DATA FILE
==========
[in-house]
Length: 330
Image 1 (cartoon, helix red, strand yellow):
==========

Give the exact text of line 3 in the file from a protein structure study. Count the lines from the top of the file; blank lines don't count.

Image 1 (cartoon, helix red, strand yellow):